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San Jose homeless encampments face Shigella outbreak, public health department says

San Jose Mercury News - 6/18/2024

An outbreak of the gastrointestinal illness Shigella has been identified in encampments of people experiencing homelessness in San Jose since June 3, according to Santa Clara County’s public health department.

There have been three confirmed cases of Shigella related to the outbreak, as well as four cases under evaluation and at least 19 suspected cases, said Dr. Monika Roy, assistant health officer and communicable disease controller for Santa Clara County. Two of the cases have resulted in hospitalization, which is how officials learned of the outbreak, she added at a Tuesday news conference.

Shigella is a gastrointestinal illness that causes nausea, vomiting, diarrhea and abdominal cramping, Roy said. It primarily spreads through contact with infected stool or eating or drinking contaminated food, according to the county’s Shigella fact sheet. While most individuals will resolve the disease on their own, some cases require antibiotics, Roy added, and it is only fatal in “rare cases.”

Shigella is an “extremely infectious disease,” Roy explained. It takes only a small amount of bacteria to cause the illness, and it spreads quickly in areas with limited access to sanitation and hygiene, making encampments particularly prone to spread.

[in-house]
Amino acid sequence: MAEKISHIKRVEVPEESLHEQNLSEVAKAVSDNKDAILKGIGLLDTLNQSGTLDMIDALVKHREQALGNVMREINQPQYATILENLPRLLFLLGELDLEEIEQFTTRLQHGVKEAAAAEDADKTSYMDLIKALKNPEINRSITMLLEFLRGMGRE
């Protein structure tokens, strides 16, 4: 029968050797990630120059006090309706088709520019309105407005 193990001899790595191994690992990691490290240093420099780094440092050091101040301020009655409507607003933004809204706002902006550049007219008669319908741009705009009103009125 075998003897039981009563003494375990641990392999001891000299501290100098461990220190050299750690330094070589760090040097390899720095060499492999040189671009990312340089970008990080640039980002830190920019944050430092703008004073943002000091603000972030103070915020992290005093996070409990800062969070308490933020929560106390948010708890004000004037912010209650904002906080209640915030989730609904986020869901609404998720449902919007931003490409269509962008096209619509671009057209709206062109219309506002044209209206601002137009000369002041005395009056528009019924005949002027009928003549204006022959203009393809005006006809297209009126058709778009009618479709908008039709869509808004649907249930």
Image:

“What’s concerning about this outbreak isn’t the absolute number. We do regularly see Shigella cases,” Roy said. “What’s concerning more is the number that are related to each other.”

The cases have primarily affected encampments in the Columbus Park area, Roy said, but other encampments in San Jose have also experienced cases or suspected cases.

“We are working aggressively to get testing out to all these individuals and get those test kits back, but it is a challenge,” Roy said. “It will be difficult to identify every single person that may be infected.”

The public health department is focusing primarily on two areas to address the outbreak, Roy said: identifying cases to provide testing and treatment, and preventing further spread of the disease. The department sent out field teams to encampments of concern to provide hygiene and test kits, then returned later to collect completed tests. Disease investigators, physicians and nurses have also been working with the effort.

“The best way to address this outbreak or contain it is really by improving sanitation, hygiene and offering clean water to residents who may be ill or at risk,” Roy said.

This outbreak is particularly challenging to address because the county suspects more individuals contracted the illness but were not sick enough to seek treatment, Roy said. “That is why we have a large number of suspect cases,” she added.

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The city has increased the number of portable toilets and hand washing stations in the areas of the encampments and started supplying drinking and washing water, Harkness said. The city has also implemented regular cleaning and disinfecting of these facilities.

“We will continue to follow any guidance or direction from public health,” Harkness said, and will continue “providing the services and support that our unhoused residents need to ensure their safety and the safety of the community.”

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